You're mixing income tax with consumption tax. If you want to tax income, tax income. But if we're taxing consumption, then those who consume more pay more than those who consume less, and those who consume least because they have the least to spend pay the least in taxes because of the baseline exemption. The upper middle class guy who's busting his butt to pay off his student loans, and who saves as much as he can, is not going to pay a disproportionate amount in taxes.
The only reason the particular middle-class guy in your example isn't paying a disproportionate amount in taxes is because he took out a bunch of loans before he became middle class, and thus shifted his spending backward in time to qualify for the exemption.
Or, another way of looking at it would be to say that the guy with student loans isn't really middle-class yet, because $0 income for 4 years plus $75K income for one year averages out to be "equivalent" (in some sense) to a guy making $15K each year. And if the guy had $60K in loans to pay back, and they had to be paid back in one year, then it pretty much would be equivalent.
But I digress: even in the case of somebody with student loans, there are only two possibilities: either the loan payments are a large fraction of income such that the person is "poor" after paying them as in the example above, or the loan payments are a small fraction of income such that the person is still "middle class" after paying them and is inflating his lifestyle and thus paying a disproportionately tax rate anyway.
If he pays off his student loans and still chooses to live modestly, he continues to pay a low tax rate. If he instead decides to start living large, then he'll start paying more in taxes. Either way, he essentially chooses his tax bracket, because he chooses every day what to buy, and how much to spend on it.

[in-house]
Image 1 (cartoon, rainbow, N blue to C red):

Here's the problem: on average, nobody does that! Did you see the graph I linked? The average savings rate, across the entire bottom 90% of the population, is about 2.5%. To say "just save more" is a non-solution because it ignores human nature.
Now, you're right that some people -- weird people -- would save a large fraction of their income and thus make out like bandits. As one of those weird people myself (I'm a big fan of mrmoneymustache.com and plan to be wealthy enough to retire at age 45 or so), I completely agree that it's entirely possible to do. However, I also realize that, when considering society as a whole, people like me are a negligibly tiny fraction. What's advantageous for me and what works for society are very, very different things.
This tax is progressive in that people who choose to live modestly or who cannot afford to live extravagantly pay very little in taxes. Those who are able and choose to live extravagantly pay much more in taxes.
You're ignoring the third category, which is "people who can afford to live comfortably" (but not extravagantly). (And by "afford" I mean "live paycheck to paycheck, saving very little" -- which is a poor definition of "afford," but nevertheless the one most people use.) That category describes pretty much the entire middle class (again, except weird people). Unless you make the exemption cutoff so high that only true "luxury" goods are taxed, they are screwed by your plan.
Finally, although up to this point we've been avoiding discussing why it's important for taxes to be progressive in the first place, I'd like to reiterate that is is indeed important. Money is power, and without a way to siphon off and redistribute excessive wealth, runaway compound interest allows the most wealthy people to become so obscenely powerful that it destroys the political system (and eventually society itself). It happened before the French Revolution, it happened before the Soviet Revolution, and it's happening in the US right now. Insufficiently progressive taxes are dangerous.